Sometimes imposed constraints are needed for the approximating function, for example, when the original function takes a null value at the origin and it seems conceptually unacceptable to take a nonzero value at the origin in the approximated function. In this paper, the previously developed Remez algorithm has been adapted to obtain rational approximations with null error at the origin just adding that mathematical constraint to the general algorithm presented in [17]:

To do this, the iterations can start with the solution achieved through Jacobi polynomials in the case *δ* = −0.5 and *γ* = −1, which gives a null error at the origin; however, minimax is not taken as the local maxima of the error function, which take different values. In summary,(1)We started from the Cheng 17-degree polynomial (see equation (3)).(2)We convert it into a rational function [1, 2] using the Chebyshev–Padé method (see [13]). Previously, the result has been transformed to the *y* domain.(3)Then, we apply the adapted Remez algorithm, starting the iteration with the resulting roots in the previous step, imposing the constraint of null error at the origin.

We will apply this 3-step method to the inverse involute function in Section 4 to obtain Apsol8.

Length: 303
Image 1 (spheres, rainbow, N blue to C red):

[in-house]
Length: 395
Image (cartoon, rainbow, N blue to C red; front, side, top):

To either manipulate the polynomials or approximate them to rational functions and vice versa, the direct and inverse Chebyshev–Padé method can be used (see [13]).

Applications of expansions in a Chebyshev and Jacobi series of rational functions to special functions, heating and air conditioning, vehicle dynamics, steering mechanisms, and tyre nonlinear behavior can be found in [18].

#### 4. Rational Approximation to the Inverse Involute Function by the Adapted Remez Algorithm

Once we have the required theoretical background, we apply the method described in Section 3.4 to obtain Remez minimax approximations passing through the origin for the inverse involute function from the Cheng polynomial (3) and obtain the following:

We could see graphically regarding the 17-degree polynomial that this solution has a maximum error of 8.34*E* − 6 rad (1.72″) and the error at the origin is not null.

Applying the Remez algorithm with the null error at the origin constraint, the following can be obtained:

In Figures 4 and 5, we can see the errors of the approximations Apsol 1 and Apsol2. Apsol 1 is obtained using the Chebyshev–Padé algorithm, it does not pass at the origin as shown more clearly in Figure 5. This process has a maximum error of *E*_{max} = 7.5*E* − 6 rad (1.54″) and null error at the origin, and it requires two operations less than the previous process (Apsol1) to include, 5 FLOPs in total plus the cube root.

If we want to reduce the number of decimals, admitting bigger errors, the approximation can be

Graphically, we could see that a slightly bigger maximum error (*E*_{max} = 8.847*E* − 6 rad = 1.82″) occurs but also passes through the origin and requires 5 FLOPs plus the cube root.

As the value of the standard pressure angle is 20°, we will frequently need approximations in its environment; therefore, if we consider the interval between 0° and 30°, approximations will be either more accurate or simple. If we repeat the previous process, we can obtainwhich passes through the origin and has a maximum error *E*_{max} = 1.124*E* − 7 rad = 0.0231″ in the interval (0°–30°).